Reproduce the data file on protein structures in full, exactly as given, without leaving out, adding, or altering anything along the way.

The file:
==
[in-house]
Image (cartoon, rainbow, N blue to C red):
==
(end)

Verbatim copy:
[in-house]
Image (cartoon, rainbow, N blue to C red):